Dry humor, moving tributes to those who provided award winners with practical and emotional support, and honorees with differing approaches to the thriller genre, highlighted ITW's 17th Annual Thriller Awards Banquet. The award ceremony was the crowning event of the International Thriller Writers' Thrillerfest XVII, held June 4 at a packed ballroom at Manhattan's Sheraton Times Square. The group boasts more than 5,000 members in over 50 countries, including authors who have collectively sold over 3 billion books.

The big winner was S.A. Cosby, the first person ever to take home back-to-back Best Hardcover Novel awards, whose Razorblade Tears (Flatiron Books), also won for Best Audiobook (Macmillan, narrated by Adam Lazarre-White), a new ITW award category. Cosby described his book, which centers on the aftershocks of the murders of an interracial gay couple, as "ultimately about tolerance," but a challenge to write, given his intent to provide a nuanced look at "things that are difficult to talk about."

Cosby's path to critical and commercial success led him from a job at a hardware store to being touted on the Today Show. This year's honor was especially significant to him, given that he'd dedicated Razorblade Tears to his mother Joyce, who died in 2021; Cosby stated that she not only had gotten him his first typewriter, but pawned her wedding rings so that he could buy his first laptop. He also gave shout-outs to his editor, Christine Kopprasch, for making his book better, and actor Lazarre-White, who'd been on The Young and the Restless, one of his mom's favorite soaps.

Best First Novel winner Amanda Jayatissa—for My Sweet Girl (Berkley)—also moved the audience with her acceptance speech, crediting the ITW community with treating her as a professional colleague, rather than a fangirl, despite her excitement at meeting some of her literary heroes. Jayatissa, who flew in from her native Sri Lanka for the occasion, especially appreciated the judges' recognition of her book, which features a Sri Lankan protagonist, at a time when her country "is going through some hard times." Her earnest and sincere speech was leavened with humor, as when she thanked her husband for not only being her best friend and first reader, but for being "so critical" of her work.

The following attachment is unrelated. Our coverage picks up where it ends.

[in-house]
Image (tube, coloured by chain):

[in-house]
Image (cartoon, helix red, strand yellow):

Jess Lourey, whose Bloodline (Thomas & Mercer) won in the Best Paperback Original Novel category, thanked editor Jessica Tribble, who had told her to throw out the first hundred pages of her manuscript - "It turns out, she was right," and her agent, Jill Marsal, before joking that she'd never met Marsal in the seven years they'd worked together, and wondered if she was a real person.

R.L. Stine, the 2011 ThrillerMaster, began his remarks introducing 2022 ThrillerMaster Frederick Forsyth, by sharing that upon arriving at the Sheraton, a woman asked him if anyone had ever told him that he "looked like R.L. Stine—no offense?" Stine credited Forysth, who appeared briefly via excerpts from a pre-recorded video interview, with changing the thriller genre forever by using "journalistic techniques to tell fictional stories," eschewing emotional adjectives in describing the actions of characters such as the eponymous assassin in The Day of the Jackal.

The second 2022 ThrillerMaster, Diana Gabaldon, self-deprecatingly resisted being called iconic because she was too short for such a designation, and thanked her editor for patiently waiting seven years for her last book. Her focus, however, was on the questionable significance of genre labels, matching the text on the back of the complimentary copies of Outlander left on each table, which informed readers that the book was for them if they were interested in adventure fiction, historical romance, epic fantasy or military history - the thriller label conspicuous by its absence. Gabaldon amusingly shared her husband's response to news of the honor—"but you don't write thrillers, why on Earth would you go to the banquet?" She added her own experiences finding her books in various sections in bookstores, highlighting her battle with Barnes & Noble to have them not shelved in romance, which she felt would limit her sales.